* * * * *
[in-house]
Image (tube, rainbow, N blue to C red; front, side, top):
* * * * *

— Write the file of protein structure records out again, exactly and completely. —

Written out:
[in-house]
Image (tube, rainbow, N blue to C red; front, side, top):